If you take him at his word, President-elect Trump thinks that America’s energy policy has gotten onto the wrong track. He says that we need to waste less effort developing renewables and give more help to generating and using fossil fuels.
Given that most public policy affecting the solar industry comes at the state level rather than from Washington, what effect could a Trump presidency have on the industry?
Utility-scale solar may face challenges under Trump, but experts mostly agree that a Trump administration will have little direct effect on rooftop solar.
Trump Is No Fan of Solar
Trump has dismissed climate change and expressed his contempt for both renewable energy generally and for solar power specifically in no uncertain terms. As he wrote in his 2015 book Crippled America:
There has been a big push to develop alternative forms of energy — so-called green energy — from renewable sources. That’s a big mistake. To begin with, the whole push for renewable energy is being driven by the wrong motivation, the mistaken belief that global climate change is being caused by carbon emissions. If you don’t buy that — and I don’t — then what we have is really just an expensive way of making the tree-huggers feel good about themselves.
The most popular source of green energy is solar as several decades after installing solar panels to get your money back. That’s not exactly what I would call a good investment. Even if that number is only half right, what kind of investment do you want to make that takes 20 years before you break even.
This is typical of what Trump has said about solar elsewhere, such as this somewhat confusing statement from a campaign rally in Pennsylvania. “It’s so expensive,” Trump said. “And honestly, it’s not working so good. I know a lot about solar. I love solar. But the payback is what, 18 years? Oh great, let me do it. Eighteen years.”
He’s also said repeatedly that he supports fossil fuels and will oppose any limits on oil and gas production. Trump even famously promised to bring back America’s failing coal industry, an unconvincing campaign promise that now looks likely to fall through.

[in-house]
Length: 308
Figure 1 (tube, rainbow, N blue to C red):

Is there a bright side?
Energy never made it to Trump’s list of top issues such as immigration, trade and foreign policy. So Trump may not have much of a position on solar outside of a few general comments during the campaign.
And Trump is famous for being unpredictable and willing to change his mind on various issues. Solar company CEO Barry Cinnamon has even surmised that Trump, as an experienced businessman, might recognize that solar power is a good investment, and throw his support behind solar in the future.
But barring some unexpected change in Trump’s attitude towards renewables, at best the solar industry can expect little help from Washington over the next four years. And Washington’s new attitude to energy will probably mean more for big utility-scale solar installations than it will for rooftop solar.
Trump May Slow Utility-Scale Solar
Two developments at the federal level may hurt utility-scale solar.
First, Trump has promised to cancel the EPA’s Clean Power Plan, which would have required states to reduce their carbon emissions from electricity generation. To meet targets to reduce pollution, states would have required utilities to cut their use of fossil fuels and to increase generation from renewables including solar.
Some states have already voluntarily implemented regulations to meet the requirements they anticipated under the CPP. But with the program now effectively dead, mandates under the CPP will no longer provide a reason for utilities to switch from dirty generation to clean power.
There are of course other reasons for utilities to get into solar, especially its affordability, but the lack of a mandate from Washington to make the switch may slow things down.
The second action Trump has promised to take that could reduce demand for utility-scale solar is to pull the US out of the Paris Climate Agreement.